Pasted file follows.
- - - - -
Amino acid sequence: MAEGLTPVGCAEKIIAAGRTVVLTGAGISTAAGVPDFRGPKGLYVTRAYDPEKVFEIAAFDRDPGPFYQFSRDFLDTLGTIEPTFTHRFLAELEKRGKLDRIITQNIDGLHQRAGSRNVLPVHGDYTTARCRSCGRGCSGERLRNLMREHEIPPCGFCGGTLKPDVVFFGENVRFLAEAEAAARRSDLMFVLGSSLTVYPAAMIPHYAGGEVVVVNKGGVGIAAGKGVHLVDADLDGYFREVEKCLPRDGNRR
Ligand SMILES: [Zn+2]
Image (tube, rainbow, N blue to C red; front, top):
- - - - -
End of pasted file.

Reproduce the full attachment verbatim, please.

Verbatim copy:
Amino acid sequence: MAEGLTPVGCAEKIIAAGRTVVLTGAGISTAAGVPDFRGPKGLYVTRAYDPEKVFEIAAFDRDPGPFYQFSRDFLDTLGTIEPTFTHRFLAELEKRGKLDRIITQNIDGLHQRAGSRNVLPVHGDYTTARCRSCGRGCSGERLRNLMREHEIPPCGFCGGTLKPDVVFFGENVRFLAEAEAAARRSDLMFVLGSSLTVYPAAMIPHYAGGEVVVVNKGGVGIAAGKGVHLVDADLDGYFREVEKCLPRDGNRR
Ligand SMILES: [Zn+2]
Image (tube, rainbow, N blue to C red; front, top):